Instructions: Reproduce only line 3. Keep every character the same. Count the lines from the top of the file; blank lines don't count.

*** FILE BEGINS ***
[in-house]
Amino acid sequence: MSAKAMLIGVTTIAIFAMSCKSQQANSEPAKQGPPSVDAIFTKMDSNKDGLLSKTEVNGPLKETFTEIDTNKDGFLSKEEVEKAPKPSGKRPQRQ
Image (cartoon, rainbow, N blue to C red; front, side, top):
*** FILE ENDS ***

Image (cartoon, rainbow, N blue to C red; front, side, top):